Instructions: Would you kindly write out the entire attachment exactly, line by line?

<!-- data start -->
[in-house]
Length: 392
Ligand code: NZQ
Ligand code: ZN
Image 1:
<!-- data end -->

[in-house]
Length: 392
Ligand code: NZQ
Ligand code: ZN
Image 1: